Guttermouth - Live in Boston (Cover Artwork)


Live in Boston (2014)

live show

Guttermouth are a band of ill repute. Mark "ADD" Atkins has been banned from Canada in the past on charges of indecency in Saskatoon. They left the Warped Tour halfway through their stint in 2004 after their onstage badgering of fellow bands turned ugly. Their whole existence has thrived on being obnoxious, saying the wrong things at the wrong times, and being lovably belligerent. Their names have been repeatedly uttered in the same sentence as SoCal snot—punk brass like NOFX, Pennywise, Vandals and Rancid. They hit a stride in the mid—90s touring with the Offspring and landing on the lead singer Dexter Holland's label to create a bulk of their finest albums. Succeeding as the abscess of the scene continued for years Guttermouth joined Epitaph Records, found themselves in video game soundtracks such as Tony Hawk's Pro Skater and even playing on Jimmy Kimmel's show within the first month, spitting on everyone.

Their juvenile, unpredictability has always been a charming point–a fun, ridiculous release of odd, clever satire and cynicism.

As a result of this admiration from half of my years, I am sworn to see them if they come through my city. So when Guttermouth was booked at my favorite venue, the Middle East Club, I immediately got my tickets. Unfortunately, the show quickly devolved into a scene of mighty, fallen heroes. Before the band hit the stage, red signals were glaring.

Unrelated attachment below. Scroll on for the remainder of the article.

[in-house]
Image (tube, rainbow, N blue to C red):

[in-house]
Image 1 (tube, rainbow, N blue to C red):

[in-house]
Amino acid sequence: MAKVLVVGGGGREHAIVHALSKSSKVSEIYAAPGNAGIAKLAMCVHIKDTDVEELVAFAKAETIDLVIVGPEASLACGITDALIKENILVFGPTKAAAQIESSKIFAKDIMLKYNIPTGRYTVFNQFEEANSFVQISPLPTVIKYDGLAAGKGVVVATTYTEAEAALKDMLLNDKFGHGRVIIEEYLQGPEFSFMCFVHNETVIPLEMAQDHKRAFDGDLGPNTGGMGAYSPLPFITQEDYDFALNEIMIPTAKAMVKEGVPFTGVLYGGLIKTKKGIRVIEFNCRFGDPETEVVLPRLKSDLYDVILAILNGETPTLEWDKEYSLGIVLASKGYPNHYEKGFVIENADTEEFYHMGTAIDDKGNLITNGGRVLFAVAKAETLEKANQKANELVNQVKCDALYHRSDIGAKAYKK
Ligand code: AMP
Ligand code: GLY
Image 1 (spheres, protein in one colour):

Once Guttermouth hit the stage, disheveled and out of tune, fans were hassling Mark to turn up the vocals. He snidely barked back, "I'm a punk singer. This is how I sound … always have!" This is a cheeky response, but a cop—out for sure, as it seemed clear his larynx has given up on him after years of James Hetfield—esque growling.

I'm unsure if the guitars and mic were not theirs either, but that might help explain the consistent reverb droning through the upstairs of the club. It was similar to listening to a Guttermouth cover band. Mark wiggled and writhed on stage with giddy delight, but without his signature voice the performance felt like a withered gimmick.

While I enjoyed hearing half—hearted versions of the classics such as "1—2—3 Slam," "Lipstick" and "Perfect World," it was depressing to watch Mark waddle about with no voice or clarity. When a show seems to create a shell of previous greatness, it just blows. Hopefully this was an off—night and they'll be able to bounce back.